Were you to run perhaps the most famous line in literature, the opening sentence of Anna Karenina, through Google Translate from Russian to English, this is what you would get: “All happy families resemble one another, each unhappy family is unhappy in its own way.”
The translation, which approximates to the best “human” version of the sentence, looks like a triumph for what used to be called artificial intelligence and is now called, less ambitiously, machine learning. The computer can understand language, we are invited to think. Run the subsequent lines of Anna Karenina through the system, though, and the picture, along with the grammar, is not quite so clear:
“All mixed up in a house Oblonskys. Wife found out that my husband was in connection with the former in their house, a French governess, and told my husband that he could not live with him in the same house. The situation is now lasted three days and were painfully conscious of themselves and their spouses...”
It’s just about explicable, if we know the original, but barely readable. The reason for this discrepancy lies in one of the nuances of Google’s system that allows interested users to improve translated texts where they can. Somebody has obviously got to the first line of Tolstoy’s masterpiece and put it right. What follows is more representative of what the system is capable of.
Ever since computers were a reality, the possibility of using their logistical power to break down barriers of language has been something of a holy grail in machine learning. The initial — unsuccessful — attempts were based on the principle that all languages could be distilled into two components: a lexicon of words with specific meanings, and a set of rules of grammar and syntax by which those words were linked together. The Cold War prompted ambitious efforts by US intelligence agencies to understand the “code” of the Russian language on an industrial scale. It produced mostly gibberish.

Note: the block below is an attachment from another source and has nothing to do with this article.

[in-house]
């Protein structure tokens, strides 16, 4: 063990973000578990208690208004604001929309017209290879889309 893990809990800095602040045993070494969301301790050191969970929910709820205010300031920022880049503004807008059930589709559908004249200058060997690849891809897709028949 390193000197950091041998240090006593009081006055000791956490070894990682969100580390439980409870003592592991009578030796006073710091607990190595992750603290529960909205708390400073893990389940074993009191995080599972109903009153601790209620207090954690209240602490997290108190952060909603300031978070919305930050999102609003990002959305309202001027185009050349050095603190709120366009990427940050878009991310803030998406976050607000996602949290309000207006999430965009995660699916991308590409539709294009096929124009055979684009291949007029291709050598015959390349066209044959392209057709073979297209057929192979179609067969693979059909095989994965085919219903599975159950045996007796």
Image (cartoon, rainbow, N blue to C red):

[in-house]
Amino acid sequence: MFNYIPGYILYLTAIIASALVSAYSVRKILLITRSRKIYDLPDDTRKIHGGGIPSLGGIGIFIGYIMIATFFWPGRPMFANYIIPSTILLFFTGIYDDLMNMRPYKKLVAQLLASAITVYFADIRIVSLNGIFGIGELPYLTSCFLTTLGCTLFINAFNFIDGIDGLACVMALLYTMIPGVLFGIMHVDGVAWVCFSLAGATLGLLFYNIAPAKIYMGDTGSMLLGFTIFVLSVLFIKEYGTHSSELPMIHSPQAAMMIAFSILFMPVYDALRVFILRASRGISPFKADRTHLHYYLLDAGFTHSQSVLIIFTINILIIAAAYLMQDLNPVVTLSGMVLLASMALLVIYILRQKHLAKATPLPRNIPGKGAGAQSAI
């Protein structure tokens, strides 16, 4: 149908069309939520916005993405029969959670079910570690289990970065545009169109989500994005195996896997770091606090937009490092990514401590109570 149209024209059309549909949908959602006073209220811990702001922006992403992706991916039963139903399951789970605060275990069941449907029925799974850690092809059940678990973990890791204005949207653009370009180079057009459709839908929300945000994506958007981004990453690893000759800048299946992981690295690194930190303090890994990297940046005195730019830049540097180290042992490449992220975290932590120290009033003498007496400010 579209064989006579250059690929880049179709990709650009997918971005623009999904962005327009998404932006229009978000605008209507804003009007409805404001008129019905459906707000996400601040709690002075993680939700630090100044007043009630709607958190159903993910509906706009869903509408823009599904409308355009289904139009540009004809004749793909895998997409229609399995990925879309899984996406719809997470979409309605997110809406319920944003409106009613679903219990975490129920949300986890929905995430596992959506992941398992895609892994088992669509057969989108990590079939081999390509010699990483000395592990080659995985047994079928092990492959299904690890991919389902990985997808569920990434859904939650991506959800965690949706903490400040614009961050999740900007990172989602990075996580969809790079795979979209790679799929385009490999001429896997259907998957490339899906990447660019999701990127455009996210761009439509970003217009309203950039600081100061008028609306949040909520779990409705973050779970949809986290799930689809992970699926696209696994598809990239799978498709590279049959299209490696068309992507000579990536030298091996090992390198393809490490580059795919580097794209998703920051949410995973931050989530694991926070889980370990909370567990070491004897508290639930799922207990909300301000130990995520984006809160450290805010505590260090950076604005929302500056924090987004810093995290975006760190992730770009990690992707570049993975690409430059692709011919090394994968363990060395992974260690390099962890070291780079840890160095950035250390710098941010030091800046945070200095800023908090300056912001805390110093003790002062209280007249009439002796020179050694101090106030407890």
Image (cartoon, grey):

The first significant breakthrough in the potential of mechanized translation came in the early 1990s, when IBM produced a model that abandoned any effort to have the computer “understand” what was being fed into it and instead approached the task by installing in the computer the comparative versions of as much translated text as possible and having the system compute the probability of meanings of words and phrases based on statistical precedent.
The approach was pioneered by Frederick Jelinek at IBM, who, distrusting models that grew from analogies with human learning of grammar, insisted: “Whenever I fire a linguist, the performance of our system improves.”
A decade or so later, though, the statistical-based system was becoming severely limited, particularly so when it attempted translations from languages in which there was comparatively little text to “learn” as reference. It was at this point that Google entered the field in earnest.
The impetus for Google’s translation machine can be traced, corporate legend has it, to a particular meeting at the company’s California headquarters in 2004. One of the search engine’s founders, Sergey Brin, had received a fan letter from a user in South Korea.
He understood that the message was in praise of the innovative scope of his company, but when Brin ran it through the machine translation service that Google had then licensed, it read: “The sliced raw fish shoes it wishes. Google green onion thing!”